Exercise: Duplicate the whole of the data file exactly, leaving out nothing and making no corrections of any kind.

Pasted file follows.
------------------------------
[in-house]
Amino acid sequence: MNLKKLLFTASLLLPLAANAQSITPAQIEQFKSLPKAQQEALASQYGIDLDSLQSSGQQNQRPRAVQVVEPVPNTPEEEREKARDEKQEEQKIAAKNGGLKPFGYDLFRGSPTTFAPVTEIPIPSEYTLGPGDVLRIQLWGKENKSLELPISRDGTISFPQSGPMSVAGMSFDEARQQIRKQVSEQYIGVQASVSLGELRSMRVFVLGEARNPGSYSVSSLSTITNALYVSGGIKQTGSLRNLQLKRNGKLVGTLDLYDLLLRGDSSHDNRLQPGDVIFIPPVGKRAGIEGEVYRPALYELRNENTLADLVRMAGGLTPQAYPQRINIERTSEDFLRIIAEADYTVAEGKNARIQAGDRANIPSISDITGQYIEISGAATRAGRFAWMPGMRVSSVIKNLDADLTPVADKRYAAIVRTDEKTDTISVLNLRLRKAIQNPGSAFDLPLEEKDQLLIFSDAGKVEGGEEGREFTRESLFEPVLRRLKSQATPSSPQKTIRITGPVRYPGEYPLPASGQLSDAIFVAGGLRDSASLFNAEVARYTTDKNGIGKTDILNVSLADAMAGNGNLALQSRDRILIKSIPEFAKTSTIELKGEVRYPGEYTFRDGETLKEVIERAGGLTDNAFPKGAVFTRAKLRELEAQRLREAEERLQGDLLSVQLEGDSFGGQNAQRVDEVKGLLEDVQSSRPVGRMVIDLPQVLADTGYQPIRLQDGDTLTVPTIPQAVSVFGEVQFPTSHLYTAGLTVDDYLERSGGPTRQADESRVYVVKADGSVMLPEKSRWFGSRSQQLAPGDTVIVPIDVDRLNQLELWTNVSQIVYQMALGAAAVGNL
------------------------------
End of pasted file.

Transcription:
[in-house]
Amino acid sequence: MNLKKLLFTASLLLPLAANAQSITPAQIEQFKSLPKAQQEALASQYGIDLDSLQSSGQQNQRPRAVQVVEPVPNTPEEEREKARDEKQEEQKIAAKNGGLKPFGYDLFRGSPTTFAPVTEIPIPSEYTLGPGDVLRIQLWGKENKSLELPISRDGTISFPQSGPMSVAGMSFDEARQQIRKQVSEQYIGVQASVSLGELRSMRVFVLGEARNPGSYSVSSLSTITNALYVSGGIKQTGSLRNLQLKRNGKLVGTLDLYDLLLRGDSSHDNRLQPGDVIFIPPVGKRAGIEGEVYRPALYELRNENTLADLVRMAGGLTPQAYPQRINIERTSEDFLRIIAEADYTVAEGKNARIQAGDRANIPSISDITGQYIEISGAATRAGRFAWMPGMRVSSVIKNLDADLTPVADKRYAAIVRTDEKTDTISVLNLRLRKAIQNPGSAFDLPLEEKDQLLIFSDAGKVEGGEEGREFTRESLFEPVLRRLKSQATPSSPQKTIRITGPVRYPGEYPLPASGQLSDAIFVAGGLRDSASLFNAEVARYTTDKNGIGKTDILNVSLADAMAGNGNLALQSRDRILIKSIPEFAKTSTIELKGEVRYPGEYTFRDGETLKEVIERAGGLTDNAFPKGAVFTRAKLRELEAQRLREAEERLQGDLLSVQLEGDSFGGQNAQRVDEVKGLLEDVQSSRPVGRMVIDLPQVLADTGYQPIRLQDGDTLTVPTIPQAVSVFGEVQFPTSHLYTAGLTVDDYLERSGGPTRQADESRVYVVKADGSVMLPEKSRWFGSRSQQLAPGDTVIVPIDVDRLNQLELWTNVSQIVYQMALGAAAVGNL